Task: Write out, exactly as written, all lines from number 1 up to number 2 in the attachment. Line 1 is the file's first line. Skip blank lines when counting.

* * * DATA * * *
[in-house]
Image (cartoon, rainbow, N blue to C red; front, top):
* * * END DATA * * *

[in-house]
Image (cartoon, rainbow, N blue to C red; front, top):